Musical policeman found happiness in Windsor

Easterbrook’s love of music brought him in close contact with another musical family during his time in Windsor, the Clements family.

 

Nathaniel and Elizabeth Easterbrook c1903

One of the most popular policemen at Windsor police station in the early 1900s was Nathaniel Easterbrook, the son of baker Isaac Easterbrook and his wife, Ann. Nathaniel’s father operated one of the early mills in Kurrajong in the early 1860s, before opening a bakery business in Singleton where he died in 1864 leaving his wife to raise eleven children: Thomas, Isaac, Benjamin, Joseph, Abraham, Nathaniel, Elijah, Rebecca, Elizabeth, Sarah and Mary Ann.

Nathaniel married Margaret Boag in Sydney in 1884 and by the time he joined the Police Force in 1890, the couple had two surviving children, Harold and Lila (Clarice had died in Queensland in the previous year). Another daughter, Gladys, was born in Hamilton, near Newcastle, in 1893.

In 1900, Constable Easterbrook transferred from Tumbarumba to Windsor because of his wife’s health but tragically, Margaret died in June 1901 aged 36, just six months after the death of baby Olga. During his time in Windsor, Nathaniel took an active interest in the community. It seems that he was something of a tradesman, as it was reported that ‘Constable Easterbrook has done some good work at the police quarters and gaol. The places have been painted throughout and the wall round the barrack-yard has been coloured. Constable Easterbrook is no novice with the paint brush’. He was also a member of a Masonic Lodge and was described as a ‘tip-top’ musician from ‘a musical family’ who took the opportunity to perform in town bands wherever he was stationed.

Easterbrook’s love of music brought him in close contact with another musical family during his time in Windsor, the Clements family. He was a cousin of Mary Ann Clements, who with her husband Herbert Australia Clements, opened a grocery shop in Windsor in 1892. The Clements family were greatly involved with the Salvation Army in Windsor and it was about this time that Mary Ann and Herbert took in Elizabeth (Lizzie) and John Whyte (aged about 13 and 11) to live with them and their five children. Because of the relationship between the two families, Lizzie would more than likely also have helped care for the three Easterbrook children after the death of their mother.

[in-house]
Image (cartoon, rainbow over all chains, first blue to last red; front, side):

In 1903, Nathaniel Easterbrook married Lizzie Whyte, who then accompanied her husband on various transfers around the State until he retired in 1922 after more than 28 years’ service. Apart from Windsor, Sergeant Easterbrook served at Petersham, Wagga, Tumbarumba, Parramatta, Ingleburn, Penrith, Lawson, Thirroul and Hay, gaining ‘the esteem of all with whom he came in contact’. He died at his home in Mosman in 1937. Lizzie Easterbrook remained in close contact with her three step-children and after Nathaniel’s death her two step-daughters, Lila and Gladys, took Lizzie out to dinner every year on her wedding anniversary until her death in 1968.

copyrightCopyright Carol Roberts 2016

 

References:

‘News in Brief’, Windsor and Richmond Gazette, Saturday, 15 December 1900, National Library of Australia Trove Newspaper Article 85853325, http://trove.nla.gov.au/, accessed 15 July 2016.

‘Death of Mrs Margaret Easterbrook’, Windsor and Richmond Gazette, Saturday, 29 June 1901, National Library of Australia Trove Newspaper Article 85853651, http://trove.nla.gov.au/, accessed 15 July 2016.

‘Deaths’, Sydney Morning Herald, Wednesday, 19 June 1901, National Library of Australia Trove Newspaper Article 14391971, http://trove.nla.gov.au/, accessed 15 July 2016.

‘News in Brief’, Windsor and Richmond Gazette, Saturday, 16 February 1901, National Library of Australia Trove Newspaper Article 85852314, http://trove.nla.gov.au/, accessed 15 July 2016.

‘A Musical Family’, Nepean Times, Saturday, 30 June 1906, National Library of Australia Trove Newspaper Article 110473152, http://trove.nla.gov.au/, accessed 15 July 2016.

‘From Week to Week’, Windsor and Richmond Gazette, Saturday, 12 September 1903, National Library of Australia Trove Newspaper Article 86217929, http://trove.nla.gov.au/, accessed 15 July 2016.

‘Sergeant Nathaniel Easterbrook’, Riverine Grazier, Friday, 20 January 1922, National Library of Australia Trove Newspaper Article 140130534, http://trove.nla.gov.au/, accessed 12 July 2016.

‘Deaths’, Sydney Morning Herald, Friday, 18 June 1937, National Library of Australia Trove Newspaper Article 17394645, http://trove.nla.gov.au/, accessed 12 July 2016.

New South Wales Police Gazettes, 22 October 1890 and 22 January 1896.

New South Wales Births, Deaths, Marriages, https://familyhistory.bdm.nsw.gov.au, accessed 11 July 2016.

Clements family information and photograph of Nathaniel and Elizabeth Easterbrook from June Irving and Julie Sinfield, granddaughter and great-granddaughter of Herbert Australia and Mary Ann Clements. Research by Carol Roberts.

 

 

One thought on “Musical policeman found happiness in Windsor

  1. Fascinating – and very accurate! Nataniel and Lizzie had no children of their own. His surviving children from his marriage to Margaret had between them only two children who reached adulthood and only one of those two (my mother, daughter of Lila) had children – thus, very few descendants. I would be very interested to know where your information came from. Regards, Reg Barrett

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